This has all been a pretty big blow to me. I am 23 years old, very i dependent and active. I was working at a show barn, 6 or 7 days a week, often 12 hour days. Often longer when traveling to shows. I have been confined to a bed and wheelchair for the past two months. My discharge date has been set for just before Christmas, with outpatient therapy continuing after that. My plan is to be back on a horse ASAP. my boss' plan is for me to be able to head to Ocala with her at the end of January, even just to drive the golf cart and be the photographer! I try to stay positive and not dwell on the "what ifs", but sometimes it's hard.

    Has anyone had any similar experiences with loss of movement and a return to riding? Even if not, it's been mice to write out the whole story.
    Last edited by Sarah616; Jun. 6, 2014 at 01:13 PM.



  2. #2
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    Jan. 7, 2007
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    Default

    I would look for a therapeutic riding center and sign up for their program.



  3. #3
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    Mar. 8, 2004
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    Baltimore, MD
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    I think your age works in your favor. Keep working hard and this will eventually be a bad memory from the sounds of it. Jingles for a complete recovery! Your boss sounds like a good one.



  4. #4
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    May. 23, 2009
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    MA
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    Sarah - so sorry to hear this. It almost sounded like a stroke. I had a stroke on my left brain with my right side going "dead" or numb.

    I was a lucky one and got the tPI drip which helped so much. However, I was not good. I struggled a lot and eventually got to the barn. My daughter and my very good horse managed to get me up top for a minute. but it was scary as I had lost some of my sense of balance. My neurologist told me to ride, either my horse of a therapy horse!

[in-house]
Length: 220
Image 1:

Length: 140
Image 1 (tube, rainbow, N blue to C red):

I would go to the barn, almost crawling to get my horse, tack him up and ride. eventually it got so much better!

    I know that my situation is not like yours, but the more you do, I believe the more you will get back. and being young and in shape has to help!

    good luck!



  5. #5
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    May. 21, 2006
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    Virginia
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    I'm plotting my return to riding... Im hopefully getting discharged just before christmas and it might be the best gift of all to get on a horse. We have just the pony for it - total deadhead appy pony that i rode when i was 7... My boss' daughter learned to jump on him when she was about 5 (he even went to culpeper and swan lake for short stirrup) and now her 2 year old son has started being lead around on him.

    I am getting lots of movement back, but it's both encouraging and a little disheartening that walking 120 feet at one time is a "woo hoo" moment.


    1 members found this post helpful.

  6. #6
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    May. 23, 2009
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    MA
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    YAY Sarah - any movement is great!!! you will work up to longer and longer periods!

    are the PT'ers giving you plasticine to play with? this will help your hands and you can do this in between PT. Imbed coins in the plasticine and pick them out - another trick!